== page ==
The  effective  size  of u3 will be the max of the two instance lengths (six in this case)
       and the shorter ones will be padded to produce this.
            datalist: var={{"1","t","w","o"," "," "}}, {{"t","h","r","e","e"," "},{"f","o","u","r","x","y"}};
       Note  however  that the first instance of u2 is less than the max length of u2, so we need
       to add a filler for another instance of u2, producing this.
            datalist: var={{"1","t","w","o"," "," "},{" "," "," "," "," "," "}}, {{"t","h","r","e","e"," "},{"f","o","u","r","x","y"}};


       The programs generated by ncgen when using the -c flag use  initialization  statements  to
       store  data  in  variables, and will fail to produce compilable programs if you try to use
       them for large datasets, since the resulting statements may  exceed  the  line  length  or
       number of continuation statements permitted by the compiler.

       The CDL syntax makes it easy to assign what looks like an array of variable-length strings
       to a netCDF variable, but the strings may simply be concatenated into a  single  array  of
       characters.  Specific use of the string type specifier may solve the problem

CDL Grammar

       The  file  ncgen.y  is  the  definitive  grammar  for  CDL, but a stripped down version is
       included here for completeness.
              ncdesc: NETCDF

              datasetid: DATASETID

              rootgroup: '{'


                   | subgrouplist namedgroup

              namedgroup: GROUP ident '{'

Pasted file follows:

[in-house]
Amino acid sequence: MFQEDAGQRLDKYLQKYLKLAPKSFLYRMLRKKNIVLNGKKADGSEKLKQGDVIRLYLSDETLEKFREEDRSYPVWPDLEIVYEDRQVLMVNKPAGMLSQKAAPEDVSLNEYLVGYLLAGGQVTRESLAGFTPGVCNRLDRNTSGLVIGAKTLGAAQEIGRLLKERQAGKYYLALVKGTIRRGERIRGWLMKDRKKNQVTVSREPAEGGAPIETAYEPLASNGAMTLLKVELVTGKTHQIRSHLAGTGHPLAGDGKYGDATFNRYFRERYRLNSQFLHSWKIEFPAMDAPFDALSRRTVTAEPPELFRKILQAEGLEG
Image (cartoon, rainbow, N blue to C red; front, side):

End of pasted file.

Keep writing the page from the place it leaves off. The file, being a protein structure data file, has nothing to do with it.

typesection:    /* empty */
                              | TYPES
                        | TYPES typedecls

                   | typedecls type_or_attr_decl

              typename: ident ;

                   | attrdecl ';'

                     enumdecl optsemicolon
                   | compounddecl optsemicolon
                   | vlendecl optsemicolon
                   | opaquedecl optsemicolon

                   | ';'

              enumdecl: primtype ENUM typename ;

              enumidlist:   enumid
                       | enumidlist ',' enumid

              enumid: ident '=' constint ;

              opaquedecl: OPAQUE '(' INT_CONST ')' typename ;

              vlendecl: typeref '(' '*' ')' typename ;

              compounddecl: COMPOUND typename '{' fields '}' ;

              fields:   field ';'
                   | fields field ';'

              field: typeref fieldlist ;

              primtype:         CHAR_K
                              | BYTE_K
                              | SHORT_K
                              | INT_K
                              | FLOAT_K
                              | DOUBLE_K
                              | UBYTE_K
                              | USHORT_K
                              | UINT_K
                              | INT64_K
                              | UINT64_K

              dimsection:     /* empty */
                              | DIMENSIONS
                        | DIMENSIONS dimdecls

              dimdecls:       dim_or_attr_decl ';'
                              | dimdecls dim_or_attr_decl ';'

              dim_or_attr_decl: dimdeclist  | attrdecl  ;

              dimdeclist:     dimdecl
                              | dimdeclist ',' dimdecl

                     dimd '=' UINT_CONST
                   | dimd '=' INT_CONST
                      | dimd '=' DOUBLE_CONST
                      | dimd '=' NC_UNLIMITED_K

              dimd:           ident ;

              vasection:      /* empty */